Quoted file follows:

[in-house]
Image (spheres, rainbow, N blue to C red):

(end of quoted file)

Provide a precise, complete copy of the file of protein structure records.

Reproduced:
[in-house]
Image (spheres, rainbow, N blue to C red):